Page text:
Friday, March 12, 2010

The Problem in an Omnipotent God


The concept of God’s omnipotence together with those of omniscience, omnipresence and other divine attributes as taken up and expounded by medieval Europe’s theologians and philosophers who were experts in Greek philosophy, has been considered deficient and ineffective in dealing with, and also thought of to have somehow contributed to, the pastoral problems of modern times. That God possesses the highest conceivable form of power to strictly determine and decide every detail of what happens in the world is found to be in great contradiction to the existence of evil and occurrences of both natural and man-made disasters.

The omnipotence or almightiness attribute is the only divine perfection mentioned both in the Apostles’ Creed and the Nicene Creed. The meaning of omnipotence as found in the Sacred Scriptures and discussed in Hellenistic philosophy has been the subject of contention and debate from early Christianity through the Middle Ages and up to our times. It has somehow lost its original meaning from the Hebrew Scriptures when taken over by Greek philosophy.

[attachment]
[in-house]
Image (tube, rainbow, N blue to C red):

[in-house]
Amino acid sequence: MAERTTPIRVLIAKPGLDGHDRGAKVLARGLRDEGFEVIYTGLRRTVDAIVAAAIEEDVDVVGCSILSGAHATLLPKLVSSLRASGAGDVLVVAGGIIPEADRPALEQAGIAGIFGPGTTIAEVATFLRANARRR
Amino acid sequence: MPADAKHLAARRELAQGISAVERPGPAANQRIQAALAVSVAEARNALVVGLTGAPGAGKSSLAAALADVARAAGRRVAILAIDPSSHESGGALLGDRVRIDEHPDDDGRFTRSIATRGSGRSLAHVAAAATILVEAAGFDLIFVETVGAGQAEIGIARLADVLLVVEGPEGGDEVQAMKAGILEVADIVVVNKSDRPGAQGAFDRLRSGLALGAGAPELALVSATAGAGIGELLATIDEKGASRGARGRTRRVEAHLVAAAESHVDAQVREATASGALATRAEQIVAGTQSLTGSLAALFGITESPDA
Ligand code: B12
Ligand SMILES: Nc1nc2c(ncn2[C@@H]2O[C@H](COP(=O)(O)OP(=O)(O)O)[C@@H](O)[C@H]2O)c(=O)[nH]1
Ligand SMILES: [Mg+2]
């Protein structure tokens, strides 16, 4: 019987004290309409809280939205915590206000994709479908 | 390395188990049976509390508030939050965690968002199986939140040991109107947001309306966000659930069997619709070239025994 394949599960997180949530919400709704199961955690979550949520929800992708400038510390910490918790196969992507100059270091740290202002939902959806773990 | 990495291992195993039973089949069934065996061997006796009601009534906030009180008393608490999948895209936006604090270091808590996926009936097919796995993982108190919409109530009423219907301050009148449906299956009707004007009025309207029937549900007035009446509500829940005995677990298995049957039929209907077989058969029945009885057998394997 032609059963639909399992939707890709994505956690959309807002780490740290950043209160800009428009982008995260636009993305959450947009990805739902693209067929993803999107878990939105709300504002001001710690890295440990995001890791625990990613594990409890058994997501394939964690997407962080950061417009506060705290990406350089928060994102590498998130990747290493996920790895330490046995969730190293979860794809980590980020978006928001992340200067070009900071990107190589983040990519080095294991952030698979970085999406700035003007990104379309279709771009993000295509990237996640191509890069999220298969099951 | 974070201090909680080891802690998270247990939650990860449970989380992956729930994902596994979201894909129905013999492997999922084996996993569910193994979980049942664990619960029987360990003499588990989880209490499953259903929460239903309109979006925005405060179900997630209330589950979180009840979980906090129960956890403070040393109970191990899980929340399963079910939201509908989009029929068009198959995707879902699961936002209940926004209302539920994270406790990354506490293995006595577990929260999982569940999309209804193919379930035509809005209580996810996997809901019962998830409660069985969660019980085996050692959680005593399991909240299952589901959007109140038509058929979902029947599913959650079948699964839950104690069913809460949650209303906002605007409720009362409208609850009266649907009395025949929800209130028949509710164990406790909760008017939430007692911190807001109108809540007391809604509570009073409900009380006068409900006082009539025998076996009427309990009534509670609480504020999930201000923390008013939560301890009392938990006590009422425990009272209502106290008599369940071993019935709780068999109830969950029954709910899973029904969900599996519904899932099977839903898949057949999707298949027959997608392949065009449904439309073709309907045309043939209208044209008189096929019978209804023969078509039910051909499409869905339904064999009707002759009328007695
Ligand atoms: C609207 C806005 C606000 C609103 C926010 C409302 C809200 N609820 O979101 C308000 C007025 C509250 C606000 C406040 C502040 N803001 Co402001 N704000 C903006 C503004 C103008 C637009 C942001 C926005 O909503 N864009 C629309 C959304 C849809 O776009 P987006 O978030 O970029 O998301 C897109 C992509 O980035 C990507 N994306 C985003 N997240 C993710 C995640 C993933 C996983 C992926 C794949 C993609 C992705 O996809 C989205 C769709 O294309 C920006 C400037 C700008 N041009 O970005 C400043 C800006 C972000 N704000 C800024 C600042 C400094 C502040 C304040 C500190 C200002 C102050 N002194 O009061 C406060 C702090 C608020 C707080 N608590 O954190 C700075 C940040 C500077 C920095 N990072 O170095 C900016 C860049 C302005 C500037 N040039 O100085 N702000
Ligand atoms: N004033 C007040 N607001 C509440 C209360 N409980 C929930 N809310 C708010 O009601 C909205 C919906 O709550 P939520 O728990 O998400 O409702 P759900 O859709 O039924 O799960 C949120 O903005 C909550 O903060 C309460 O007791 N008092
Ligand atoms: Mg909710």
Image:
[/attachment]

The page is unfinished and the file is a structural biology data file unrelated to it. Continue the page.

The word omnipotence comes from the Latin omnipotentia or omnia potest meaning ‘can (do) everything’. Omnipotentia is the translation in the Greek Septuagint of the word pantokrator which is in itself the translation of the divine names Sebaoth and Sjaddai in the Hebrew Scriptures. Pantokrator is derived from the old divine epithet for Zeus, pankrates, ‘all-mighty’ or ‘all-sovereign’, and is associated with the Greek verb kratein followed by the genitive case. Its predominant usage in liturgy with covenantal overtones points to the “power which God is confessed to have over all things”[1] and refers to His “ability to do all things He wants to do in history.”[2] God’s power is universal dominion and authority over all and everything. He is the “all-ruling, all-sovereign master of the universe, the most high, who has the whole world in His governing hands and in control of all that happens in nature and history.”[3]